John Martyn's Final Musical Testament
Posthumous album from a volatile man who was one of Britain's most innovative musicians.
Singer and guitarist John Martyn was a larger-than-life character. A gruff, tempestuous drinker and drug-taker who could sing with the most subtle and soft inflections. He died at the age of 60 in 2009 but his last will and musical testament, a CD called Heaven And Earth, is released next week. The trappings of fame and celebrity held little interest for him and although he remains somewhat unrecognised by the general public he recorded some of the most innovative and talented British albums of the past 50 years. Solid Air (1973), One World (1977) and Grace and Danger (1980) are timeless classics.
I met John Martyn three times. The first, as a student, was not too long after Grace and Danger with its eviscerating lyrics about a break-up - following his divorce to singer Beverley. He was surprisingly candid and even chirpy about his love life. He talked without much animation about 'pop' bands of the early eighties and only began to enthuse when talking about his love of blues singers such as Skip James. When we talked about jazz musicians, such as Billie Holiday and the great tenor saxophonist Ben Webster, who had been a friend of my father's, his eyes lit up. He actually whistled with enthusiasm. He was never a straightforward folk musician.
The next time I saw him was before a concert at London's Shaw Theatre, when he was playing with jazz bassist Danny Thompson. Late to meet a friend, I dashed into the pub next to the venue and apologised for being late for the show. "Don't worry," said my friend, pointing to the bar. "I don't think they'll start without him." There, grinning and laughing as he ordered another pint, was Martyn. The concert, incidentally, was superb.
The final Martyn meeting was to discuss a piece I was commissioning for a magazine about Scotland. He wrote movingly in the article about being raised by his grandmother in Glasgow, following his parents' divorce, and his early career as a musician.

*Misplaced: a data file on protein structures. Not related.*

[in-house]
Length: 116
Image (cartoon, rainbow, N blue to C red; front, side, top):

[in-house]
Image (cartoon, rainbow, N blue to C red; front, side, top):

Throughout his career, he was clearly a troubled and volatile man but he harnessed his emotions into intense and passionate and often beautifully tender music. In 2003 he had his right leg amputated below the knee because of a burst cyst and lived quietly in Ireland for a time having given up touring and performing. He made an emotional comeback in 2008 and recorded, before his death, the final album Heaven and Earth. The album has vocal contributions from Phil Collins, who sings on a Martyn cover of Collins’ own Can’t Turn Back The Years. Martyn and Collins had helped each other through the collapse of respective marriages and the pair remained long-time friends.
Producer Jim Tullio said: "After John passed, I spoke with Phil and he really wanted to sing on the track… [Phil] said he had always wanted John to record one of his songs. You can hear the emotion in their voices." Tullio, who pieced the record together using scraps of instrumental and vocal takes, added: "John was a genius… He made music more naturally than anyone I’ve ever met, as effortlessly as the way you and I speak."
Martyn died in January 2009 from pneumonia and although his voice shows inevitable sign of wear and tear on his final record, the trademark Martyn grace is evident on the title song Heaven and Earth. The finest moment is probably provided by Can’t Turn Back The Years. The songs were kept, as Martyn wished, in their entirety, and although Stand Amazed and Heel Of The Hunt drag a little, Could've Told You Before I Met You is a lovely reminder of Martyn's enduring appeal.
For Martyn fans, the CD will be a welcome addition to his catalogue. Next month will also see a cover version tribute album, with songs by artists as diverse as Snow Patrol, KT Tunstall, Beth Orton and Paolo Nutini.
Hopefully both albums will reignite interest in John Martyn's fine body of work.